Guest Blogs, Origin Stories

Life is What You Make it

Today we welcome Harlequin Special Edition author Nina Crespo to our Origin Stories feature.

Visit Nina’s Harlequin page to see all her books!

Life is what you make it—write your own story.

I was recently asked in an interview, “What would be the first song on the soundtrack to your life?” My answer, “La Vida es un Carnival” (Life is a Carnival) by Celia Cruz.

I can truly relate to the song, especially this part (translation from Spanish to English):

All those who believe life is unfair, needs to know that’s not the case. That life is beautiful, we have to live it! Anyone that thinks they are alone and that it’s unfulfilling, needs to know that’s not the case. That in life, no one is alone; there’s always someone!

https://lyricstranslate.com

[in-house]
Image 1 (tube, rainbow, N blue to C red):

Those lyrics are even more relevant to me now that I’m packing my life into boxes. Again. I’ve made over a dozen major moves in my adult life—from the southwest to the northeast to attend college, military PCS (permanent change of station) moves to installations in the States and overseas, a few cross-state transfers causing us to live in two homes to accommodate my and my husband’s careers, and cross-town relocations to new homes. Moving is as familiar to me as breathing. Sometimes, it’s been stressful, overwhelming, or even sad. But like the lyrics of the song, it’s also been beautiful. I’ve discovered new places and created spaces that felt like home and made new friends. Each experience is like starting the first chapter in a book.